What really matters to you?
Recently, I came across a list I made quite a few years ago of things I wanted to do in the future. Of the nearly fifty things I listed, five no longer apply. Several could be condensed into the same item. Some are probably unrealistic. Unfortunately, I have completed only two. Even with making allowances for why or why not something could or could not have happened, I am not proud of my “track” record.
I saw a challenge on Facebook just the other day that asked if you could give advice that you have learned over time – in two words – what words would you use? I’ve not yet reduced my words to two, but they amount to the same thought: I would encourage a person to TRY even if he or she doesn’t succeed, and to keep on trying…facing fears…accepting the challenges that life presents.
One of my fears is that of failing. By not even trying something new, certainly, I avoid the crushing feeling of defeat. However, by avoiding these things, I also don’t discover new abilities, talents, or loves, and I now realize I have deprived myself of these things. Sometimes, conquering a fear helps us to grow. It can make us feel stronger and more confident.
I’ve looked at that old list a number of times now. I began a “bucket” list a few years ago, too. As I consider what things are most important to me today, I’m finding that I now have different goals. It is becoming increasingly more important to be happy with the wayI am living my life, as opposed to how many items I can check off a list.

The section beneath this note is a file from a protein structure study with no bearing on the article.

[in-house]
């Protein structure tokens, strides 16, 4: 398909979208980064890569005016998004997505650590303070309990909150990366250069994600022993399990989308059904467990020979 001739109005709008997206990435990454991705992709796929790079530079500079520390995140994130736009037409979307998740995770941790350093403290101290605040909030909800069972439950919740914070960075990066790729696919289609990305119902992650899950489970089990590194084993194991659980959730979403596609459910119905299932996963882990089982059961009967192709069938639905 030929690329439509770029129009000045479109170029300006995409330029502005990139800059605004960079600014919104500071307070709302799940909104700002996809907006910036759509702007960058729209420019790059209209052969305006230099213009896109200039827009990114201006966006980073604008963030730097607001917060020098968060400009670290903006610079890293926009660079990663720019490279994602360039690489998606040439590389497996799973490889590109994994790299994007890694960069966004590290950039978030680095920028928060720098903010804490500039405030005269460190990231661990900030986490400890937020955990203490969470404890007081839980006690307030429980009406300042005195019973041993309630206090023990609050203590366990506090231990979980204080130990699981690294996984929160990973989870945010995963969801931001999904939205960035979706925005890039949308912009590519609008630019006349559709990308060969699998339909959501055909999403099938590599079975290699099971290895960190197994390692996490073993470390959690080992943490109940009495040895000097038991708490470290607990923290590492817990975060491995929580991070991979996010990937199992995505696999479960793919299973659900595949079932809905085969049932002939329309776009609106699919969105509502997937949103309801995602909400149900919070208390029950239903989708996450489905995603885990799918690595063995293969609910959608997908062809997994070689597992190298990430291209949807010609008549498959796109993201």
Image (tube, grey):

Sometimes being a friend takes priority over completing a particular errand or attending a special event. Other times, those “things” just aren’t that important in the grand scheme when, for instance, a loved one’s health is failing due to serious illness.
Life is so short! In the time I have left on this earth, I want my existence to really count for something. I have always wanted to make a difference. That feeling has grown over the years. Today, there is much yet to be done, but my new list will have different qualities to it. Today, a trip to New York City is no longer a “priority” that absolutely must happen in my life. Instead, I find myself looking outward, hoping to see a way to make a difference in the quality of someone else’s life. To whatever challenges that way of living directs my life, I am now ready to say “Bring it on!”
What is most important to you today?